We know the Beatles are fabulous but this is ridiculous! In last week`s NME the word Beatles is mentioned 79 times! (Editor`s note: you`ve added it twice to this issue!)
SUSAN PORTER (Blackpool):
Recently I read in my local newspaper that the Beatles had been offered a million dollars by a soft drinks firm in America for sponsorship. Brian Epstein had turned it down and the Beatles agreed with him because "there is only so much money young people can spend."
Surely if they had accepted this money they could have donated it to charity - which would have added more to their already overwhelming popularity.
SHEILA WATERWORTH (Barnley):
I think it is about time that someone protested about the ridiculous lengths to which some pop groups grow their hair. I`m a Beatles fan and although they started this craze, it`s gone far enough.
Nowadays groups look like a cross between an old English sheepdog and Screaming Lord Sutch.
KAARE AASE (Rogaland, Norway):
Don`t the Beatles get sore knees as a result of wearing such narrow trousers?
JOHN TOPPING (Manchester, 12):
While the Beatles are the big rave, why not a Beatles dance? It could be done by doing the shake with the hand movements, as though you were playing guitar the way John and George play.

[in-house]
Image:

Don`t forget to play it left-handed for Paul and add a drumming action for Ringo!
JANET JONES (Taunton, Somerset):
I feel strongly about the way the so-called fans treated Ringo`s and Maureen`s honeymoon. If they were really fans of Ringo surely they should have had the respect to leave him to enjoy his short honeymoon in peace. I`m glad the wedding itself was kept quiet. Best of luck, Ringo and Maureen!
R. WALLIS (Newcastle):
It seems to me that Ringo Starr`s marriage is the final death blow to the Beatles. In the past few months they have slipped further into oblivion popularity-wise, and now the nicest one of them is no longer eligible. It must surely bring about the end!
After reading John Lennon`s article in last week`s NME, I think the Beatles underestimate the loyalty of their fans. They take their fanaticism very seriously and thousands of them have kept loyal to the Beatles. They are not likely to give up now that one seeks personal happiness in marriage.
A. BLADES (Bishop Norton, Lincoln):